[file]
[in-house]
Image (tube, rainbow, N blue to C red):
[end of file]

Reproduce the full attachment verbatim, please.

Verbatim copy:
[in-house]
Image (tube, rainbow, N blue to C red):